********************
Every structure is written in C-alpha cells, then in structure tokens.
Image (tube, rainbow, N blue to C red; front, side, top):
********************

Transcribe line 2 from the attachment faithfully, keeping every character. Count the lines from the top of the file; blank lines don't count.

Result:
Image (tube, rainbow, N blue to C red; front, side, top):